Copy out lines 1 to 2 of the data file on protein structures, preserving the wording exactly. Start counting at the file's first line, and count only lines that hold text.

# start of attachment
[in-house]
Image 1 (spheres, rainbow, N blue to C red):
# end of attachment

[in-house]
Image 1 (spheres, rainbow, N blue to C red):